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    Second Google Blacklisting Was ‘Glitch’ - Media Watchdog

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    Internet giant Google’s IP address was temporarily blacklisted for the second time over the weekend due to a computer glitch, Russian media and communications watchdog Roskomnadzor said on Monday.

    MOSCOW, November 26 (RIA Novosti) - Internet giant Google’s IP address was temporarily blacklisted for the second time over the weekend due to a computer glitch, Russian media and communications watchdog Roskomnadzor said on Monday.

    “There was a software failure. The system incorrectly identified the host provider’s address. So the notification went out to the wrong address,” Roskomnadzor press secretary Vladimir Pikov said, adding the mistake was promptly fixed.

    One of Google’s resources contained banned materials and the case will soon be reviewed again, he said.

    According to the watchdog’s register, IP address 173.194.71.132 was put on the blacklist (zapret-info.gov.ru) on Saturday and removed at 11 a.m. Moscow time on Monday.

    Last Wednesday, the URL of YouTube, the video-sharing website owned by Google, was temporarily blacklisted due to “a technical problem,” Roskomnadzor said at the time.

    YouTube was put on the blacklist and had three days to remove what Roskomnadzor said was “suicide promotion” content. Failure to do that would have led to YouTube’s blocking across Russia.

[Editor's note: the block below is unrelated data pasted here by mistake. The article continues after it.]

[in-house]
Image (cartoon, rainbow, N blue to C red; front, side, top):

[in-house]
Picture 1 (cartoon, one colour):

In early November, Roskomnadzor blacklisted over 180 websites over offensive content.

    A law creating a register of blacklisted websites, that aims to protect Russians from harmful content, was approved by the Russian parliament in July.

    Under this law, the authorities can now block access to sites containing child pornography, drug-related material and details about how to commit suicide without first having to obtain a court order or go to court.

    Other sites containing offensive material can be shut down by court order.

    The agency launched its register of blacklisted sites on November 1.

    Its site reviews complaints lodged by members of the public, who can submit screenshots and URLs of offending sites. In the first 24 hours of its existence, zapret-info.gov.ru logged over 5,000 complaints of offensive content, 96 percent of which were rejected.

    Rights groups condemned the move as an attempt to crack down on internet freedom.

    Google and YouTube have formally agreed “to receive information from the register regarding content banned in Russia,” the watchdog said.

     

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